Study: Video Downloads Have Lucrative Future
Right now, the market for ad-supported programs is four times larger than pay-for video downloads -- $409 million compared to $111 million -- though it's expected to surge to $4.1 billion by 2011. Ad-supported video will grow to $1.7 billion over the same length of time. The reason is that the ad-supported model will mainly be used on the Web sites of major U.S. television networks. Video download services, on the other hand, will be able to offer a broad array of programming from one location, as retail giants like Amazon.com and Wal-Mart start selling downloads from $2 per TV episode.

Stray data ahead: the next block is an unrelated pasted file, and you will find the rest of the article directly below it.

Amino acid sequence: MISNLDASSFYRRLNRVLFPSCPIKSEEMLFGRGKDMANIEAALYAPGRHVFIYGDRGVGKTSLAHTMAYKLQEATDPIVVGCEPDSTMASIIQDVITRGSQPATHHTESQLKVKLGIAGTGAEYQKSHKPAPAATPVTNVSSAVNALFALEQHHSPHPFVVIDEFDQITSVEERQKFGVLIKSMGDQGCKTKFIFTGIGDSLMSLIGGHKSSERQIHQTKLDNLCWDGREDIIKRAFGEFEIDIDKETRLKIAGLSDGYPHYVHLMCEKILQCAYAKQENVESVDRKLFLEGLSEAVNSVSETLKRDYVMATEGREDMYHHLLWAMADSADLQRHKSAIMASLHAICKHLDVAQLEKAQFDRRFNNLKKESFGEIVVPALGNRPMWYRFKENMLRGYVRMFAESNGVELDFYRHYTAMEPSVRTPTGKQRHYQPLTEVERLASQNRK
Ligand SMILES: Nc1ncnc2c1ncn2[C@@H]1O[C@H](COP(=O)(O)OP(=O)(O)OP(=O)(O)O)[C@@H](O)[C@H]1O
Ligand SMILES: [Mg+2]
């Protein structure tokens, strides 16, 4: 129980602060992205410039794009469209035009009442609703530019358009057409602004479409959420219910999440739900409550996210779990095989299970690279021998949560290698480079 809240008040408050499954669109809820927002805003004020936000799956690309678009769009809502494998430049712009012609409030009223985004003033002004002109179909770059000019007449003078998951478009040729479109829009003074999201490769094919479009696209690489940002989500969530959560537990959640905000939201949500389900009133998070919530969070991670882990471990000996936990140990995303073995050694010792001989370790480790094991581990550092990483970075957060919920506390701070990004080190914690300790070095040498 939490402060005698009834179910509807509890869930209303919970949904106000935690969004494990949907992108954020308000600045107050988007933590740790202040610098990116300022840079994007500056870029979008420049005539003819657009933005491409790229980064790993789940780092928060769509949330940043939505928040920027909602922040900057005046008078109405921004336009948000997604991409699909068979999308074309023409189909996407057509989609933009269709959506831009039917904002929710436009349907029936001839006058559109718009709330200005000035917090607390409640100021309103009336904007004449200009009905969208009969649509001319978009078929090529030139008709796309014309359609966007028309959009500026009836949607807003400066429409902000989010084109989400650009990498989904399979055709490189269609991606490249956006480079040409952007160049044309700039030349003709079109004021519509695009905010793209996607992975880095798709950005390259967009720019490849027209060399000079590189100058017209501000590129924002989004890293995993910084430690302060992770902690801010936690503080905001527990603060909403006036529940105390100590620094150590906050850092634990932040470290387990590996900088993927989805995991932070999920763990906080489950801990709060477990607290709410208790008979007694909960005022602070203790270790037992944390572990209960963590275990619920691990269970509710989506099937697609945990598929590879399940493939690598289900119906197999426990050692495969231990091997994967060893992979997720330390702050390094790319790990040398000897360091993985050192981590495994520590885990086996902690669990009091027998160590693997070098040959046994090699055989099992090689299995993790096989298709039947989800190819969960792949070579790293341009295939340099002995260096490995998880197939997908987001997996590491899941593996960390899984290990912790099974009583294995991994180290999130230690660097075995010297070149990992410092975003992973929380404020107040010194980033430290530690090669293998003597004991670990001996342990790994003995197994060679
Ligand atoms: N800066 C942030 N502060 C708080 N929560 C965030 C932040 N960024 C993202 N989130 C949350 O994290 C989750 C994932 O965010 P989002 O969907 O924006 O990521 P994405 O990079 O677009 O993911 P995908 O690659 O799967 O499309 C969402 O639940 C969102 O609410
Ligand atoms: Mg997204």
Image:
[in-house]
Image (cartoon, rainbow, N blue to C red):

Adams says the market will explode as TV becomes linked to the Internet, citing Apple TV as one potential game-changer. But what if Internet services like Joost turn TV into just another Web service? What's the point of downloading films and paying for them if you can easily stream them in real-time? What if TV becomes something we have on in the background of several other open Web applications? There's no telling how consumers will adapt to the convergence of TV and the Web.